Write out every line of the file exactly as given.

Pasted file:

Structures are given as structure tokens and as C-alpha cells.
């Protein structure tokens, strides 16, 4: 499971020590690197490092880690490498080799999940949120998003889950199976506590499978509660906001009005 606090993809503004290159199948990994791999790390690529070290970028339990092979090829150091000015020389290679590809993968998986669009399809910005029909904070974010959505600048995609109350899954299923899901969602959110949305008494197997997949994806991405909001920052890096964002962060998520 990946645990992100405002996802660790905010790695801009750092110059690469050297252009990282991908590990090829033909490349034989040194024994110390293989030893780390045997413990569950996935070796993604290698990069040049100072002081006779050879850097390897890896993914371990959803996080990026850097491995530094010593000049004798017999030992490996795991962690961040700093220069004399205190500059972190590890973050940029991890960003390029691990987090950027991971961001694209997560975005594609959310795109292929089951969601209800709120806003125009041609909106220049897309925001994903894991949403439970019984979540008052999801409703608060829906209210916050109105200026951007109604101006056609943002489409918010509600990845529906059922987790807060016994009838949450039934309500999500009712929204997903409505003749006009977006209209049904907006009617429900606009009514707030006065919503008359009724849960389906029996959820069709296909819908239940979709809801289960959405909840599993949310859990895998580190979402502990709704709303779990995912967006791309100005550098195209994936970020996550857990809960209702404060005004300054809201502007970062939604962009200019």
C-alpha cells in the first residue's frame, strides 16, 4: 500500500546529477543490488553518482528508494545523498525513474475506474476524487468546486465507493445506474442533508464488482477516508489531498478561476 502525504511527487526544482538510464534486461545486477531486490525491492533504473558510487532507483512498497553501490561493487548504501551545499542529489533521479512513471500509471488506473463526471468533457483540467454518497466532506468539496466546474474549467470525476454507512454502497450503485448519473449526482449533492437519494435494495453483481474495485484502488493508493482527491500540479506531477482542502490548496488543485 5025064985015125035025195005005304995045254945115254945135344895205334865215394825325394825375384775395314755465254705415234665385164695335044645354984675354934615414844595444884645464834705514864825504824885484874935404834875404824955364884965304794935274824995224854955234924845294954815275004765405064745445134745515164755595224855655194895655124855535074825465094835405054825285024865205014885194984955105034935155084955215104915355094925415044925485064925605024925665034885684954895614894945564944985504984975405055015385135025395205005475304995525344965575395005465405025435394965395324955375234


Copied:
Structures are given as structure tokens and as C-alpha cells.
């Protein structure tokens, strides 16, 4: 499971020590690197490092880690490498080799999940949120998003889950199976506590499978509660906001009005 606090993809503004290159199948990994791999790390690529070290970028339990092979090829150091000015020389290679590809993968998986669009399809910005029909904070974010959505600048995609109350899954299923899901969602959110949305008494197997997949994806991405909001920052890096964002962060998520 990946645990992100405002996802660790905010790695801009750092110059690469050297252009990282991908590990090829033909490349034989040194024994110390293989030893780390045997413990569950996935070796993604290698990069040049100072002081006779050879850097390897890896993914371990959803996080990026850097491995530094010593000049004798017999030992490996795991962690961040700093220069004399205190500059972190590890973050940029991890960003390029691990987090950027991971961001694209997560975005594609959310795109292929089951969601209800709120806003125009041609909106220049897309925001994903894991949403439970019984979540008052999801409703608060829906209210916050109105200026951007109604101006056609943002489409918010509600990845529906059922987790807060016994009838949450039934309500999500009712929204997903409505003749006009977006209209049904907006009617429900606009009514707030006065919503008359009724849960389906029996959820069709296909819908239940979709809801289960959405909840599993949310859990895998580190979402502990709704709303779990995912967006791309100005550098195209994936970020996550857990809960209702404060005004300054809201502007970062939604962009200019």
C-alpha cells in the first residue's frame, strides 16, 4: 500500500546529477543490488553518482528508494545523498525513474475506474476524487468546486465507493445506474442533508464488482477516508489531498478561476 502525504511527487526544482538510464534486461545486477531486490525491492533504473558510487532507483512498497553501490561493487548504501551545499542529489533521479512513471500509471488506473463526471468533457483540467454518497466532506468539496466546474474549467470525476454507512454502497450503485448519473449526482449533492437519494435494495453483481474495485484502488493508493482527491500540479506531477482542502490548496488543485 5025064985015125035025195005005304995045254945115254945135344895205334865215394825325394825375384775395314755465254705415234665385164695335044645354984675354934615414844595444884645464834705514864825504824885484874935404834875404824955364884965304794935274824995224854955234924845294954815275004765405064745445134745515164755595224855655194895655124855535074825465094835405054825285024865205014885194984955105034935155084955215104915355094925415044925485064925605024925665034885684954895614894945564944985504984975405055015385135025395205005475304995525344965575395005465405025435394965395324955375234